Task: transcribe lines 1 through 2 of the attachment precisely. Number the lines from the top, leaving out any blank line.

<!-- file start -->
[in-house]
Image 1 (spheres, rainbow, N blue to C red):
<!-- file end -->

[in-house]
Image 1 (spheres, rainbow, N blue to C red):